Toscanini? It is as a conductor, of course, that he is remembered. But as a young man he composed too, and the sites in his native Parma where he is commemorated need to be noted here. The music itself is divided between the conservatories at Milan and Parma. None of it is now in currency. Some pieces are said to have been written when he was a young man for ‘ladies of influence’; and an overture, an examination piece written as a student, was revived at a commemorative concert in 1999.

As a child Arturo lived in several different parts of Parma, as the family fortunes waxed and (more often) waned. The house where on 25 March 1867 he was born, 13 Borgo Rodolfo Tanzi (then Borgo S Giacomo), was bought at the time of his death by the Comune di Parma and was opened as a museum in the centenary year of 1967. It was damaged in the earthquake that struck Parma in 1983, and closed for four years, reopening in 1987, much refurbished.

The nature and the extent of Toscanini’s fame decree that there can be no shortage of commemorative material. In the reception area on the ground floor the walls are generously lined with framed documents, certificates, diplomas, awards and the like, and a showcase displays medallions; handbills from Toscanini’s years at La Scala (chiefly the 1920s) fill the corridor and in the rear courtyard stands a bronze figure of the maestro with a charming bust of his daughter Wanda as a child. Many of these items are not official awards but tokens of esteem and affection from the musicians he worked with. They continue up the staircase.

The room where Toscanini is believed to have been born is the heart of the museum, filled with relics from all parts of his life, personal as well as professional. There are several oil portraits, including ones of Verdi and Catalani as well as Toscanini himself and his wife. One showcase commemorates his marriage, with the gifts he and his wife exchanged; others note his connections with the great composers of the day (Debussy, Leoncavallo, Puccini, Ravel, Strauss), with letters and photographs, or the festivals at which he conducted -through his Bayreuth connection the museum has a goblet, a pair of glasses and a foulard that were once Wagner’s. The Verdi links are of course strongly represented too, including a death mask. There are more awards of all sorts and numerous photographs, some formal, some family.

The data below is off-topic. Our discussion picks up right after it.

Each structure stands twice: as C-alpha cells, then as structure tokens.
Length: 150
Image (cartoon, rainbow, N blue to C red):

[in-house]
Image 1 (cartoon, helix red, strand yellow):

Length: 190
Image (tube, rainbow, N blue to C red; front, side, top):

In the rear first-floor rooms are a collection of his own batons along with presentation ones, and various personal items – his poncho, his smoking jacket and his dressing-gown, his dress clothes and his walking-sticks. A life mask, a death mask and a bronze cast of his hands are in the former kitchen, with a series of caricatures of him, some of them drawn by Caruso. The second floor is given over to listening and viewing space; some of the material here comes from the collection of Toscanini’s favourite tenor, Aureliano Pertile, and there are also items from the baritone Giuseppe Valdengo. The museum has various items of furniture from Toscanini’s homes in Milan and New York (he also had a villa on a small island in the middle of Lake Maggiore), given or loaned by his family; his annotated scores and other archival material remained in New York after his death there in 1957, preserved at the Public Library, and his collection of batons is displayed in the Rose Museum at Carnegie Hall.

His Milan study went to the conservatory in Parma where he had been a student. Originally a Carmelite monastery, it is now the Conservatorio di Musica ‘Arrigo Boito’. The study is preserved, alongside Boito’s, in a specific museum area on the second floor of the inner courtyard. It is faithfully reproduced, with his desk and chair, his fine collection of bookcases (housing a wide range of literature), armchairs, a coffee table, the Steinway piano presented to him by Vladimir Horowitz in 1934 (when Horowitz married his daughter Wanda), a bust of Verdi and a statuette of Puccini, many signed photographs, his scores of

Falstaff, Pizzetti’s Debora e Jaele and Boito’s Nerone. There are oils of Toscanini and his wife, copies of ones at the birthplace, with a death mask and a cast of his hands. There is a further commemoration of Toscanini in the Verdi museum at the Casa Barezzi in Busseto (see Verdi).

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